A learning community can be seen as one where the concept of learning moves beyond the idea of ‘learning = being taught’ towards the view that ‘learning = constructing knowledge with others’ (Watkins, 2005). At Godolphin and Latymer, we have developed a series of learning communities for both staff and students; groups of volunteers engage in current research, exploring its applications to our specific school context. Our model is based on that of Leahy and Wiliam (2012), which was designed specifically to scale up professional development for formative assessment. However, as discussed in Eleanore Hargreaves’ accompanying article, learning community models have been shown to be effective with other foci, and at Godolphin and Latymer we have had groups focusing on a range of topics, including metacognition, assessment, thinking skills and the use of technology to support teaching and learning.
Teacher learning communities (TLCs)
Cordingley et al. (2015) have identified several components of effective professional development, including the importance of teachers engaging with iterative professional development over a sustained period of time, alongside peer learning and support. Our model aims to encompass these aspects.
Each TLC comprises around eight to 12 teachers who meet once a half-term. The key feature of our model is that membership is voluntary and drawn from a wide variety of subject and teacher experience; this year, a third of the teaching body, ranging from the senior deputy head to NQTs, have joined one of our five TLCs. The lack of coercion and hierarchical structures chimes with the positive findings of Hargreaves’ work discussed in the accompanying article. TLCs are organised around particular themes – for example, metacognition or assessment – rather than subjects or key stages, so each group has a broad membership range. Each meeting follows the same structure, starting with feedback, where members report on what they have tried since the last meeting, and concluding with personal action planning, where individuals detail what they hope to accomplish before the next meeting; individual teachers decide their personal focus, giving a powerful sense of autonomy. This action-planning and feedback cycle gives a chance to develop skills through in-class experimentation and collaboration, and takes place over an extended period – in our case over an academic year.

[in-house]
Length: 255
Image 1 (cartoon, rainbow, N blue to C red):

However, while peer support and collaboration are necessary, but not sufficient, ingredients for effective professional development (Cordingley et al., 2015), a further aspect of the TLC model is the inclusionAn approach where a school aims to ensure that all children ... More of new learning, linked to the overall theme for the year. This can be a book extract, a journal article, feedback from a conference or a guest speaker (see Appendix).
We have been running TLCs at Godolphin and Latymer since September 2016 and they have proved popular, with an annual increase in the numbers of staff involved. Feedback obtained through a survey conducted at the end of the first year was overwhelmingly positive, with teachers noting how they valued discussing pedagogical approaches with colleagues and also reflecting on their own practice. How the TLCs developed a creative approach was also apparent through comments such as:
[The TLC provided] encouragement to diversify [my] pedagogical style and [gave me] the confidence (almost permission) to take risks.
Student learning communities (SLCs)
The student learning communities are based on a similar model to the TLCs; membership is voluntary and this year we have two SLCs for Year 10 and Year 12 students. It is not just our academic high-flyers who volunteer. The SLCs are popular with students who have found learning difficult in the past and thus comprise the full range of abilities within our school, as well as a wide range of subject interests. The SLC model can be considered a form of ‘informed student voice’, where students are introduced to ideas from research into learning that they can try them out for themselves. It is well known that students’ perceptions of what is beneficial for long-term learning are often clouded by their experience of short-term performance (Soderstrom and Bjork, 2015), so the exposure to research is important as it provides justification for discussing different learning strategies and encourages them to try new approaches. Our experience is that students really value opportunities to engage with research on learning and have enjoyed reading articles such as Dunlosky’s ‘Strengthening the student toolbox’ (Dunlosky, 2013). As a result, students have embraced strategies such as retrieval practice and dual-coding (Weinstein et al., 2018).